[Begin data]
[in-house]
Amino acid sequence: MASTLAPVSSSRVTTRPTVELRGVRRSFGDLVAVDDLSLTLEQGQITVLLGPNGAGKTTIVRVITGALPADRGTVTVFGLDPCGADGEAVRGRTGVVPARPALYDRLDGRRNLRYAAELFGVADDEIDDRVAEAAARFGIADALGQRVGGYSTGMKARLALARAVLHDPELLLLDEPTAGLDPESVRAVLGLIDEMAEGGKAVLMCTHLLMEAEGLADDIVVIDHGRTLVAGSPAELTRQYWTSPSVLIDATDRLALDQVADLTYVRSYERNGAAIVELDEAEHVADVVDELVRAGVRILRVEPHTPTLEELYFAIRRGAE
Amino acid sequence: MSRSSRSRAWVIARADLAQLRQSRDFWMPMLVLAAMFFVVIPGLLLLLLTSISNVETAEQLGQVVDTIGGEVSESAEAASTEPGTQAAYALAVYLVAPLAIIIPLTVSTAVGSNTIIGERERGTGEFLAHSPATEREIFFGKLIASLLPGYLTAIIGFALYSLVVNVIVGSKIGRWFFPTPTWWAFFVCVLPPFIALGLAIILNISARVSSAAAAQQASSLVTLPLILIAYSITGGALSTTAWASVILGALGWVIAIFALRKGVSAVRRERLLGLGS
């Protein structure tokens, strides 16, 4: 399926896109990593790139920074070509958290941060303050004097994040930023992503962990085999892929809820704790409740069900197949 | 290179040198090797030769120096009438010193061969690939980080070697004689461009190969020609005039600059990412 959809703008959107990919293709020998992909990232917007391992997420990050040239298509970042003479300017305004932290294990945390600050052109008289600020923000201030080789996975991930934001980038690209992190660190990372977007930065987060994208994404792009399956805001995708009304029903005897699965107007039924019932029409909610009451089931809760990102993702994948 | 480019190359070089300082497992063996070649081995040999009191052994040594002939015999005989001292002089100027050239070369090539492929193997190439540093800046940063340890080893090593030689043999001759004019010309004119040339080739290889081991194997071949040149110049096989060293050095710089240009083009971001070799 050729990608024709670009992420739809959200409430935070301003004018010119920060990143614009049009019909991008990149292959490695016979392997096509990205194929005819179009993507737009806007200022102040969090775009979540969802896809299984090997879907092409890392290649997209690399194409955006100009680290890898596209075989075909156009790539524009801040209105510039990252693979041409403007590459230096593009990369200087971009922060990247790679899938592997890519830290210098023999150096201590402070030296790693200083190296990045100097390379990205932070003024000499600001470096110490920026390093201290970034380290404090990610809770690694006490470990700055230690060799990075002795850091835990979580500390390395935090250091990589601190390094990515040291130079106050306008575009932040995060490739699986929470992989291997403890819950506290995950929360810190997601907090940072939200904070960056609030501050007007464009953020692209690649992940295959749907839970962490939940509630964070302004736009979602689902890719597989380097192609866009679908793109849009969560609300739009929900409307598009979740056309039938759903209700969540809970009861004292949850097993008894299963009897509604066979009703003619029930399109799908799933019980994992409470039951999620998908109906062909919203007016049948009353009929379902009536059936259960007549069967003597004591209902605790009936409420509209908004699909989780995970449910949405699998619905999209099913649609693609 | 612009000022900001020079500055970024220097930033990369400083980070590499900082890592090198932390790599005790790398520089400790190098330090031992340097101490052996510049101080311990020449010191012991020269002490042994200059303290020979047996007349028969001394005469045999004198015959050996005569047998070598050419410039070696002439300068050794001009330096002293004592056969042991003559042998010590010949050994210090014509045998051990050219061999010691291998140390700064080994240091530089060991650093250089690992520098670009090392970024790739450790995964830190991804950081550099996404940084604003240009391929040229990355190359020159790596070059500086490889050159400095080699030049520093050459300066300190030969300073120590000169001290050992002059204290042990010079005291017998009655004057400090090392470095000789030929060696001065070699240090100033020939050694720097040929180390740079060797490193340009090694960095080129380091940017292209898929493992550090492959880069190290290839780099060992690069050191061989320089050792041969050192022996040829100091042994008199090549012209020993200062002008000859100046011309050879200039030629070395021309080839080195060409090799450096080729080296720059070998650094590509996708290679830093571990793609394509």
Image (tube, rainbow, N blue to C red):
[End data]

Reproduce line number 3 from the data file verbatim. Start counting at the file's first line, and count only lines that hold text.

Amino acid sequence: MSRSSRSRAWVIARADLAQLRQSRDFWMPMLVLAAMFFVVIPGLLLLLLTSISNVETAEQLGQVVDTIGGEVSESAEAASTEPGTQAAYALAVYLVAPLAIIIPLTVSTAVGSNTIIGERERGTGEFLAHSPATEREIFFGKLIASLLPGYLTAIIGFALYSLVVNVIVGSKIGRWFFPTPTWWAFFVCVLPPFIALGLAIILNISARVSSAAAAQQASSLVTLPLILIAYSITGGALSTTAWASVILGALGWVIAIFALRKGVSAVRRERLLGLGS